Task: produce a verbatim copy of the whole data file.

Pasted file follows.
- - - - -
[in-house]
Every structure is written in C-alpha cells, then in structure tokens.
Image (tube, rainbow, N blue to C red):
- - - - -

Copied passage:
[in-house]
Every structure is written in C-alpha cells, then in structure tokens.
Image (tube, rainbow, N blue to C red):